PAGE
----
Khalikov is an interesting two-way defenseman who originally hails from Kazakhstan, specifically the Ust-Kamenogorsk hockey school, a very productive academy that has developed several NHL players (Nik Antropov, Evgeny Nabokov, Anton Khudobin, Alexander Perezhogin, etc.) along with producing top talent for the Russian leagues. Khalimov then moved to Novosibirsk, then again to Kazan. After playing one year in the Ak Bars system he was drafted by the Ukraine-based team Donbass Donetsk as Kazan had run out of protection picks. Ak Bars were definitely disappointed to lose a good and promising player like Khalikov, while Donetsk received a very interesting prospect. Khalikov plays now on the first defensive pairing in the MHL, where he faces players up to three years older than him. He likes to shoot and has good size, but he should add some physical play and better positioning to become more interesting to North American teams.
Sergei Korobov, G, SKA-1946 St. Petersburg
6’2”, 180 lbs.
Korobov is a promising goalkeeper who hails from the northern city of Murmansk, the same as the great Vladimir Konstantinov. Korobov moved to the SKA organization and this season has had the chance to play in the MHL, facing players who are on average 2-3 years older than him. But, although he has played a few games in the MHL, the SKA organization is very stacked at the goaltending position (Team Russia Subway Super Series starting goalie Ivan Nalimov is from SKA, as well), therefore he won’t be playing too much at the top junior level this year. However, he regularly plays for the national team, where he’s gaining experience while posting very good statistics. He’s a rapid, agile goalie with good coverage of the net and is right now the top candidate for starting goalie duties at the U18 WJC.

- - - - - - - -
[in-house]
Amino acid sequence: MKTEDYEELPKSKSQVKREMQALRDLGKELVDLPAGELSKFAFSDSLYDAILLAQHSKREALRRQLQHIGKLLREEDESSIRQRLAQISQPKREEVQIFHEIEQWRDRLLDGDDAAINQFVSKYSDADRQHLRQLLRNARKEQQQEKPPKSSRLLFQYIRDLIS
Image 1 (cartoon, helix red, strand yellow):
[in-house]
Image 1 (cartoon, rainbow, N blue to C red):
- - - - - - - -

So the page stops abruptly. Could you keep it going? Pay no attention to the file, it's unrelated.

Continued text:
Artur Lauta, LW, Omskiye Yastrebi Omsk
6’0”, 175 lbs.
Differently from many other Russian junior players, Lauta does have experience in North American hockey as he played two years within the Little Caesars organization. He is now a regular on the Russia-96 national team, but he hasn't stood out to this point. He is likely playing below his abilities right now, but he is a very talented player who plays a pass-first kind of game and has a good set of hands with very good skating abilities. Lauta had excellent statistics a couple of years ago, but his progress then slowed down a bit. He needs to rebound, but his offensive talent makes him a very interesting prospect.